Written by: LaShawn Oglesby
Many Americans of African descent do not know much, if anything, about their history dating back to slavery, and getting that information is hard to find and sometimes costly. However, one organization is working to get that information to the public for free.
The Mary Turner Project (MTP) is in partnership with the VSU archives department. They have slave-census records from more than 120 counties and need the help of volunteers to get them digitized. All are welcome to be a part of this historic movement.
Dr. Mark George is the MTP Coordinator. He is also an adjunct professor of Women’s and Gender Studies and teaches various courses: race, gender, sexuality, class and masculinity studies.
According to Dr. George, the MTP has completed 40 percent of the slave-census records so far.
The MTP is trying to grow the project by reaching out to other states and schools so they can get involved and hopefully take over their own states and areas. Right now the project has more than 30 collaborative project volunteers from Valdosta all the way to Oregon, and even a soldier in Afghanistan.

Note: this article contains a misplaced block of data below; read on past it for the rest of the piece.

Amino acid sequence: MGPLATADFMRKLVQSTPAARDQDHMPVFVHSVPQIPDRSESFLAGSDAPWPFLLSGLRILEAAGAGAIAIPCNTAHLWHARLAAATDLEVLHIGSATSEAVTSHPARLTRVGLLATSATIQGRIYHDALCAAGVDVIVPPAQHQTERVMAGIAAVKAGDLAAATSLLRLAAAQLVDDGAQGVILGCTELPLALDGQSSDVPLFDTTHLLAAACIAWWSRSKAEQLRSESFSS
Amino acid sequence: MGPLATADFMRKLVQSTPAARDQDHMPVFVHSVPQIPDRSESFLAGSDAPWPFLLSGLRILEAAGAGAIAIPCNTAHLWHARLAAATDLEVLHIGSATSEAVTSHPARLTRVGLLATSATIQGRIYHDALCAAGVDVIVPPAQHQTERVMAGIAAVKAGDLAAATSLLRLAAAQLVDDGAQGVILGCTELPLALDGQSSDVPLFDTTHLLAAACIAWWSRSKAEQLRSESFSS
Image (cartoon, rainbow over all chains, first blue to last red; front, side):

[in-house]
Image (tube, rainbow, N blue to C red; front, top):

Volunteers can be recruited through the MTP webpage (www.maryturner.org/MTP). Afterwards they are given a list of counties that have not been digitized, and the volunteer can select which county records they want to digitize. They also have the option to do only part of the records or all of them. The records are then converted into Microsoft Excel documents.
The MTP wants to get these digitized documents up on a “web-based, searchable database for the public,” their website says.
This isn’t the MTP’s first project. They have told the story for which their group is named after in over 15 regional events. They have had panel discussions, one just as recently as April 1.
The MTP takes donations and has received over $1,000. They have petitioned to get a state park in honor of Mary Turner. They also want to get word out about the entire history of Valdosta.
“Two of the four men who were essential in setting up Valdosta were slave owners,” Dr. George said. “We live in a state where black people are taxed for very racist historical sites.”
Those sites include many streets named after slave owners and other historical figures that were racist. These streets, such as Ashley Street and Gordon Street, were named after a slave owner and Ku Klux Klan leader respectively.
On May 17, the MTP will host a commemoration, which they have been doing for years, in honor of Mary Turner and other victims of 1918.
“There will be 100 or 200 people in attendance,” Dr. George said. “It’s a powerful testament of what people can do when they come together.”
Students can find more information on the MTP’s history, accomplishments and current projects on their website.